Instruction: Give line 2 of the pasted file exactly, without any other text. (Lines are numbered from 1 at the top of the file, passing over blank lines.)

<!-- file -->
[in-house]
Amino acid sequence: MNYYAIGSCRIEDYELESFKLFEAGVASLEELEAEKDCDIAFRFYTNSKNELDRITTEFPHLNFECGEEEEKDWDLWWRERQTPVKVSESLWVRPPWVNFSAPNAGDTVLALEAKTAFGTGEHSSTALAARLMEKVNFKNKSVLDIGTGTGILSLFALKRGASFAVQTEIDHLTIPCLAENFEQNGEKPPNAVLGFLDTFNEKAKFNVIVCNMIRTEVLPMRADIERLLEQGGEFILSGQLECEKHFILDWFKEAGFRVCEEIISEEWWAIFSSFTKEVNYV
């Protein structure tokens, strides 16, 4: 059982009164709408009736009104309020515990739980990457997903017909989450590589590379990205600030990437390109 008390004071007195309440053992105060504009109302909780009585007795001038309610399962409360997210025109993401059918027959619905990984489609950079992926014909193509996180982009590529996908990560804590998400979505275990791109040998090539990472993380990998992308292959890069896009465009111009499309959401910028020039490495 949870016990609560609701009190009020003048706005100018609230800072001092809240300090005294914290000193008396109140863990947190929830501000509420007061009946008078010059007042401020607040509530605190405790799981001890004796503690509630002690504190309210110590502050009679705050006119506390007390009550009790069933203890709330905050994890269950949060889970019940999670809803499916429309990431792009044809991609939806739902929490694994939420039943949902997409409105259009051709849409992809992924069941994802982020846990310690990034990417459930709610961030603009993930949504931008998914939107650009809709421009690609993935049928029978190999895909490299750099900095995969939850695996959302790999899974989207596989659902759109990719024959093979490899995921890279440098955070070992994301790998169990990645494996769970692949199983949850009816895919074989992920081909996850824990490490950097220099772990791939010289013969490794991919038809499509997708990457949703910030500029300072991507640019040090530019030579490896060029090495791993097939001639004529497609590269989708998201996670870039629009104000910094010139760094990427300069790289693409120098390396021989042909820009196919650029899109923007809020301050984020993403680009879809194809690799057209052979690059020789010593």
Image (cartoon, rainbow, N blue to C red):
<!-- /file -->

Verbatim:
Amino acid sequence: MNYYAIGSCRIEDYELESFKLFEAGVASLEELEAEKDCDIAFRFYTNSKNELDRITTEFPHLNFECGEEEEKDWDLWWRERQTPVKVSESLWVRPPWVNFSAPNAGDTVLALEAKTAFGTGEHSSTALAARLMEKVNFKNKSVLDIGTGTGILSLFALKRGASFAVQTEIDHLTIPCLAENFEQNGEKPPNAVLGFLDTFNEKAKFNVIVCNMIRTEVLPMRADIERLLEQGGEFILSGQLECEKHFILDWFKEAGFRVCEEIISEEWWAIFSSFTKEVNYV